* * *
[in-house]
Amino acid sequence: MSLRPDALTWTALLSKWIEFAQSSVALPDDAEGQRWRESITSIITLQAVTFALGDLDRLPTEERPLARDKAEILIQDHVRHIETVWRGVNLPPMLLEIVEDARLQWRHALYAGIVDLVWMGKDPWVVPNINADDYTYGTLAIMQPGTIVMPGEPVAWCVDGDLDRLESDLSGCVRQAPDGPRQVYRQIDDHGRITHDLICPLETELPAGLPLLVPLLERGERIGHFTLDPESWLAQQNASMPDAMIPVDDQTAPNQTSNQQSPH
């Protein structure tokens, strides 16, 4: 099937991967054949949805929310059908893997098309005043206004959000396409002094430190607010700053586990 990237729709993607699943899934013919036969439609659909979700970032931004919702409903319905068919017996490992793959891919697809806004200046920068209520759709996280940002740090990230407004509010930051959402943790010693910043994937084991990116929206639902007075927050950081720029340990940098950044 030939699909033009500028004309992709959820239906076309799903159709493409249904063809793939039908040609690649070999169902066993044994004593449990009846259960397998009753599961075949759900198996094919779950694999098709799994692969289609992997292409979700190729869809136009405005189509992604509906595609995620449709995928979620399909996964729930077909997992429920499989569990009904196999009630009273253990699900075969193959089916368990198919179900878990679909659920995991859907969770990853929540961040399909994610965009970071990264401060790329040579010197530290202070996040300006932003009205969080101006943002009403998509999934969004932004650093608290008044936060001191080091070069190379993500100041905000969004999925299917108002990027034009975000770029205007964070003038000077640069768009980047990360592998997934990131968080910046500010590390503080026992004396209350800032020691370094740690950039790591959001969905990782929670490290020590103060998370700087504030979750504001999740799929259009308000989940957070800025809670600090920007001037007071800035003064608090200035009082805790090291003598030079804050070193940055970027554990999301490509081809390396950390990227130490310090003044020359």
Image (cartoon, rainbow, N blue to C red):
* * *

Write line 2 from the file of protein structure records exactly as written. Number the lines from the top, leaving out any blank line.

Amino acid sequence: MSLRPDALTWTALLSKWIEFAQSSVALPDDAEGQRWRESITSIITLQAVTFALGDLDRLPTEERPLARDKAEILIQDHVRHIETVWRGVNLPPMLLEIVEDARLQWRHALYAGIVDLVWMGKDPWVVPNINADDYTYGTLAIMQPGTIVMPGEPVAWCVDGDLDRLESDLSGCVRQAPDGPRQVYRQIDDHGRITHDLICPLETELPAGLPLLVPLLERGERIGHFTLDPESWLAQQNASMPDAMIPVDDQTAPNQTSNQQSPH